As with a wed­ding menu, take your pick: meat or fish? Prod­ucts are made us­ing ma­rine or an­i­mal (bovine, poul­try, porcine) col­la­gen, but Bitz rec­om­mends not get­ting too hung up on that. “Col­la­gen is col­la­gen is col­la­gen. It’s fun­da­men­tally the same pro­tein re­gard­less of which an­i­mal it’s de­rived from. To date, there are no stud­ies show­ing that one an­i­mal source is bet­ter than an­other, so it re­ally just comes down to per­sonal pref­er­ence.” Sim­i­larly, he notes, “Most peo­ple have heard that types 1 and 3 are found in the skin, and type 2 is found in the joints. While this is tech­ni­cally true ... as long as you are con­sum­ing ‘hy­drol­ysed [bro­ken down to aid ab­sorp­tion] col­la­gen’ you’re get­ting the same amino acids that your body needs to re­pair and re­build all types of col­la­gen through­out the body.”


Have your sci­ence hat on? It was a study pub­lished in The Amer­i­can

Journal of Clin­i­cal Nutri­tion in

2017 that got sports pro­fes­sion­als re­ally ex­cited about col­la­gen. In a col­lab­o­ra­tion be­tween US sci­en­tists and the Aus­tralian In­sti­tute of Sport, eight healthy male sub­jects were given ei­ther 5g or 15g of gelatin (a col­la­gen source) en­riched with vi­ta­min C (this sup­ports col­la­gen cre­ation) or a placebo con­trol around their work­outs. Re­searchers saw im­proved col­la­gen pro­duc­tion in those who took the gelatin, con­clud­ing that “ad­ding gelatin to an in­ter­mit­tent ex­er­cise pro­gram im­proves col­la­gen syn­the­sis and could play a ben­e­fi­cial role in in­jury preven­tion and tis­sue re­pair.”

Dr Do­minique Condo is a sports di­eti­tian and lec­turer at Deakin Univer­sity. She also works with the Gee­long Cats Foot­ball Club and the WNBL Deakin Mel­bourne Boomers, and rec­om­mends hy­drol­ysed bovine col­la­gen to re­hab­bing ath­letes – a 15g dose (as per the study) mixed with fruit juice or any liq­uid an hour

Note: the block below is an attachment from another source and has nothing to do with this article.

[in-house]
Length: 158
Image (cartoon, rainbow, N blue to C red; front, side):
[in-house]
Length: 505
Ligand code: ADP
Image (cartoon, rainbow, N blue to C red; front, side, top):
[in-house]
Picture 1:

be­fore ex­er­cise. “Bas­ket­ballers are of­ten more prone to ACL [an­te­rior cru­ci­ate lig­a­ment]-type in­juries,” she says. “I put a cou­ple of play­ers on [col­la­gen] last sea­son reg­u­larly, and they re­ported re­ally no­tice­able dif­fer­ences in the way they felt from a day-to-day pain and com­fort per­spec­tive. It’s re­ally dif­fi­cult to pin­point and say [col­la­gen is] what’s mak­ing the dif­fer­ence, be­cause we try new things all the time ... but I think it’s a re­ally nice piece of the puz­zle.” And she sees no rea­son why it wouldn’t give us mere mor­tals some sup­port, too.

Mcleod adds that while it’s not con­crete, the pre­lim­i­nary re­search on col­la­gen is ex­cit­ing. “I now rec­om­mend it on a very reg­u­lar ba­sis to ath­letes or peo­ple with joint con­di­tions be­cause it may have a pos­i­tive im­pact and, be­cause there’s no harm [in it], why wouldn’t you?”


As for whether in­gested col­la­gen trans­lates to a hap­pier gut and skin, the jury’s still work­ing through the ev­i­dence. The gut-heal­ing rep stems from its con­tent of amino acids, which may sup­port and help re­pair the in­testi­nal wall (hence why bone broth has such street cred). But, while the the­ory makes sense, says Mcleod, there’s not a lot of good-qual­ity re­search to back it. And the skin-boost­ing claims? Try this: in a 2014 study of 69 women by Ger­many’s Univer­sity of Kiel, those who took oral col­la­gen showed sig­nif­i­cantly im­proved skin elas­tic­ity af­ter eight weeks com­pared with oth­ers on a placebo.

Pa­tel isn’t sold, though, ar­gu­ing the proof just isn’t there. Mean­while, Dr Joanna Har­nett, a lec­turer in com­ple­men­tary medicines at the Univer­sity of Syd­ney, agrees there are stud­ies on col­la­gen use, but “over­all there is in­suf­fi­cient ev­i­dence for ef­fi­cacy and safety.” Her ad­vice? Sup­port your stocks through diet and life­style (think pro­tein, fruit, ve­g­ies, pro­tect­ing your­self from the sun and not smok­ing).

If you are go­ing to sup­ple­ment, pri­ori­tise qual­ity. On that note, Bitz sug­gests ask­ing a brand for the molec­u­lar weight of the col­la­gen it uses (this pre­dicts how hy­drol­ysed it is – he rec­om­mends look­ing for below 5000 dal­tons) plus which coun­try it’s from (Chi­nesederived col­la­gen can be “wildly un­pre­dictable and ques­tion­able from a pu­rity stand­point”).

As for me, I’ll stick with my new smooth­ies. The col­la­gen may not be a dead cert, but there’s no deny­ing the emerg­ing sci­ence and sto­ries are in­trigu­ing. If that pow­der could do my train­ing and joints some good – and give me a side of glow­ing skin to boot – then I’m to­tally down for down­ing that.